Malunga raps Durban over knuckles for Nicki Manaj concert

2016-04-15 17:30
Kevin Malunga. (Picture: Muntu Vilakazi/City Press)

Kevin Malunga. (Picture: Muntu Vilakazi/City Press)

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Durban – The deputy public protector on Friday criticised the eThekwini municipality for using public resources to host American rapper Nicki Minaj while Kennedy Road informal settlement’s residents lived in squalor.

"No one can defend the living conditions that these people are living under, especially now that Nicki Minaj has been to Durban," Advocate Kevin Malunga said during an in loco inspection at the settlement.

During an executive council meeting last month, it was revealed that the City would spend R3.7m to bring American rappers T.I. and Minaj to Durban.

Malunga was visiting the area to see whether there had been developments since the public protector’s office last visited in December.

It was part of ongoing efforts to deal with security and service delivery concerns at the Glebelands hostel and other informal settlements.

"A lot has not been done since our last visit. There are a lot of complaints about structures that are not stable, that have been constructed by the service provider," Malunga said.

There were allegations that homes were built for R35 000 each. They had large cracks and were unsafe, there were no retaining walls, they were flooded, had problems with sanitation, and people were living in filth, he said.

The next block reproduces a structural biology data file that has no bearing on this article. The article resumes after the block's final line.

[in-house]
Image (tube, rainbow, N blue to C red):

The high level of unemployment among the young people was one of the things that struck him. 

"My plea to the City is to re-evaluate how it spends resources with the people in such areas. The City is releasing a R41bn budget on Monday. It will be a big event with air-conditioning, food and nice speeches. The question is, do the people understand that and how much will be allocated to solving their problems?"

He said the City needed to work with the provincial and national government in a way similar to Glebelands, to help Kennedy Road.

His office was intervening in similar situations in other provinces.

"This is a textbook case for South Africa. The City needs to see this as an opportunity and a wake-up call to do their job because that is what people pay rates for."

He reminded the City about the Constitutional Court’s Nkandla ruling, that President Jacob Zuma had flouted the Constitution when he ignored Public Protector Thuli Madonsela's remedial action to repay some of the money spent on his Nkandla homestead. The court found the Public Protector’s remedial action was binding.

"The Constitutional Court has made it clear that what we do is binding and this is not a joke. We are not here to have fun. We are here to change people’s lives," Malunga said.  

The public protector’s office was on Friday afternoon expected to hold talks with the eThekwini municipality to discuss Kennedy Road and come up with solutions. 

Read more on:    kevin malunga  |  durban  |  housing  |  government spending

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